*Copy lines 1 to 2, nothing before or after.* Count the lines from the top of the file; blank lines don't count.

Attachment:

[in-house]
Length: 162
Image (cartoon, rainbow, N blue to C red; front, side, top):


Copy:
[in-house]
Length: 162